A professional licensing examination almost always sets its criteria judgment to be “entry-level” competency.
Certainly a voluntary certification (such as one that establishes certification for financial account auditors or CPAs) might set its criterion toward a standard of excellence. Because “certifications” can vary widely, those who “use” the certification must know what the “standard” is that the certification represents. It might be simple to understand a person who says they are “certified” to install foot support soles in a shoe obtains that certification via lower criteria than another person who is “certified” to conduct brain surgery via the National Board of Neurosurgery. Not all certifications are the same, and the old saying ‘buyer beware” is true!
The challenge for EMS instructors
Teachers who set “passing” scores for their examinations have the most difficult task in EMS education. It is not possible in the space of this essay on “passing” to explain the methods available for teachers to choose. But suffice it to say, many “fail” to set appropriate criteria regarding passing or failing a course, or results on the NREMT examinations by their students would not be so dismal in many cases.
Pity those who take a course or use a test preparation application that does not provide the proper feedback to the student and thus just “passes” everyone who paid tuition.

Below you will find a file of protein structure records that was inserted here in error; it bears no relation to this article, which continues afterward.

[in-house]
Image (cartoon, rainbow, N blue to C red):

Bill Brown determined the five categories of ranges of scores within his applications by taking into account a typical standard error of measurement in a 120-item test based upon his years of testing experiences. Although every test has a “passing score,” Bill provides more granular feedback than just “pass/fail”. The categories are fundamentally “highest achievement,” “good achievement,” “achievement,” “needs to improve,” and “low achievement.” In EMT PASS Bill explains these categories and praises those who “pass,” or provide tactics and advice on how to improve achievement over the knowledge base of EMT material to those who fail. AEMT PASS has two “simulation” exams where the outcome is either “pass” or “fail.” Feedback for these examinations is provided so that those who purchase them can obtain comfort regarding their results.
Test construction as an “art”
Determining who “passes” a test is equally difficult to constructing the test. Test construction is an “art.” Determining pass/fail is a judgment. Many instructors do not possess the art of test item construction. Many make poor judgments regarding who passes and who fails.
Most instructors understand the content of what they teach but few of them know how to construct test and determine pass/fail.
Instructor decisions regarding tests affect student outcome on valid certification examinations.
Bill spent his working career studying the art of test item construction and interpreting outcomes of test performances. EMT PASS is developed to address both of those difficult tasks. Those who purchase EMT PASS can feel comfortable their investments in money and time are well spent. EMT PASS is an application, that supports EMT education, provides broad based test questions that are well written and meaningful regarding performance for all those who purchase EMT PASS.
AEMT PASS has a different “blueprint” than EMT PASS, although both have simulation examinations. In AEMT PASS a student does receive pass/fail feedback on those examinations. There is individual feedback via debriefings available over the subject examinations.